Skol chases the Sun and Hate the Moon. These wolves, devourer’s of worlds and mid-wifed by an ancient witch in a forest called Ironwood, are of the race of the Fenrir's wolf. Hate is his son. “He will devour the mon, and stain the heavens and all the sky with blood. Thereby the sun will be darkened, the winds will grow wild, and roar hither and thither, as it is said in the Prophecy of the Vala:
In the east dwells the old hag,
In the Jarnved [Ironwood] forest;
And brings forth there
There comes of them all
One the worst,
The moon's devourer
In a troll's disguise.
He is filled with the life−blood
Of men doomed to die;
The seats of the gods
He stains with red gore;
Sunshine grows black
The summer thereafter,
All weather gets fickle.
Know you yet or not? ” 52
|Know you yet or not?|
The Prose Edda is filled with accounts of Loki’s deeds, good and bad. Like the Pale Fox of the Dogon in Africa and the Coyote of the Navajo in Americas Southwest, Loki is a trickster god who serves neither good nor evil. The good Loki does is always in compensation for the evil he has done; many times he is fixing what he broke but he usually fixes it better than it was...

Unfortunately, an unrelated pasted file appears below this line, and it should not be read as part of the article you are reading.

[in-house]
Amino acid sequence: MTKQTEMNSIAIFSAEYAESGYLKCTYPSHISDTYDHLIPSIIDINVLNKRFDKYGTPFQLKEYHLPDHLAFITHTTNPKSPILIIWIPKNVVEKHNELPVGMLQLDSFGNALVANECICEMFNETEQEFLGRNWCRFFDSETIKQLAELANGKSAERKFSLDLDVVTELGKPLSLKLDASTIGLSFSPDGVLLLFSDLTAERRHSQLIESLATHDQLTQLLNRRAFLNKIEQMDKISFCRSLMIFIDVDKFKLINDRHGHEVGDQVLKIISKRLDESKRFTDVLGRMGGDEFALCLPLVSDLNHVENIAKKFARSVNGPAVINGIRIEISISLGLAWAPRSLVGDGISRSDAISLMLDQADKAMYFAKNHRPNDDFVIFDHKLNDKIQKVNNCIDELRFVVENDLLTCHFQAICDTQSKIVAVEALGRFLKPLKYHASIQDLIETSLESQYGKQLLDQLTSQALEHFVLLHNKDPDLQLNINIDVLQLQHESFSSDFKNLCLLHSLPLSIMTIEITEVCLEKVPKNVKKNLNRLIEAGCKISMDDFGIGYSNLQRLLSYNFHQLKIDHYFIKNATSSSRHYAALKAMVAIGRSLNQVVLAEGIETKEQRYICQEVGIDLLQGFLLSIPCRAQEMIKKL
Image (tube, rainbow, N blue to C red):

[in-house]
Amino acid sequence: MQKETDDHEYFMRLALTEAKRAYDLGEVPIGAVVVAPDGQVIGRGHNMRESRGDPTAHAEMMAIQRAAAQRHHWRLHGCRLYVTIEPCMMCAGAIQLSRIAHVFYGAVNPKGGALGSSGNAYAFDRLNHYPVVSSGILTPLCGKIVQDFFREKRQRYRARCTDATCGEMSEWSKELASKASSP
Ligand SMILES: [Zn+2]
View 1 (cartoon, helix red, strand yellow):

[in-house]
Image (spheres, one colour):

The reappearance of the brilliant star Sīrius “in ancient Egypt right before sunrise on the eastern horizon toward the latter part of July heralded not only the morning, but also the flooding of the banks of the Nile. Sīrius was both yearned for and feared, because it could cause great destruction and at the same time brought with it the rich volcanic topsoil of the Ethiopian highlands to fertilize the Nile Delta.” 54 The Norse knew Sīrius “as Lokabrenna or Loki’s Torch.” 55
Just like Mercury, Loki is swift. “He had the shoes with which he could run through the air and over the sea.”56 His Magick is potent and his mind the keenest among the gods. The Prose Edda says Loki “is fair and beautiful of face, but evil in disposition, and very fickle−minded. He surpasses other men in the craft of cunning, and cheats in all things. He has often brought the asas [gods] into great trouble, and often helped them out again, with his cunning contrivances.”57